Today we at Wavelength bid a fond farewell and thank-you to our hard-working General Manager, Aaron Dawson, after five amazing years at the organization. Though we are sad to see him go, we’re really happy to see Aaron moving on to an exciting new opportunity at Trinity-St. Paul’s United Church – a wonderful space with an important social-justice mission.
We first met Aaron back when he was part of electronic music trio Off the International Radar, who played Wavelength’s weekly series during our Sneaky Dee’s days. After hearing about his great work in the multimedia world, we invited him to come on board as visual art coordinator at the first Camp Wavelength festival on Toronto Island in 2015. Aaron’s calm demeanour, imagination and attention to detail made him an invaluable asset to the team and the following summer, we brought him back as festival coordinator.
After coming on board as our first General Manager in early 2017, Aaron became the friendly face of Wavelength in the music community. Artists, venues, and volunteers all came to appreciate his patience, empathy, and humour. Aaron brought a steady hand to our summer festivals at Fort York and Stackt, as well as our multi-venue winter anniversary festivities – making big things happen on a small budget, and also helping guide us through some bumps in the road. And it was thanks to Aaron’s considerable video production experience that we’ve been able to “pivot to digital” so smoothly during the pandemic.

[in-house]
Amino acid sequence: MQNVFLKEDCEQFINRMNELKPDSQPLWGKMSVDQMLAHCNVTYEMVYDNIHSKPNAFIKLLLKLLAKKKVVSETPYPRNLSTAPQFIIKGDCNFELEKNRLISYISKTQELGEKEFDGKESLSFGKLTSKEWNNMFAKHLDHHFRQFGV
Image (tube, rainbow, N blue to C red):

We wish him all the best in this new chapter, and on behalf of the Wavelength staff and Board, we’d like to sincerely thank Aaron for his incredible contributions to our organization, and to independent music and the arts and this city!
A Message from Aaron:
As a long-time fan, who became a participant, then volunteer, then employee, I will look back very fondly on my time with Wavelength Music. When I joined in 2015, Wavelength was growing from its scrappy, DIY roots into a full-fledged Toronto arts organization. While there have been challenges and learning experiences along the way, I’m proud of what Wavelength has become. It has maintained its DIY ethos while broadening its horizons and responding to the changing times—an example of how small, artist-run organizations can successfully and gradually grow and become sustainable.
The spirit of the Wavelength founders lives on in the new generation of artists, volunteers, staff, and music fans. Wavelength is a team effort, and it’s been amazing getting to know and working with the lighting and décor crews, volunteers, staff, guest curators, and the Board of Directors. It’s my sincere wish that Wavelength continue to grow in its role as a cornerstone of the city’s music scene, sharing its expertise and knowledge, and nurturing the city’s vibrant arts community. I feel lucky to have been able to contribute and help in my way. I look forward to seeing you all at the next Wavelength show, and at arts events across the city!
Lots of love,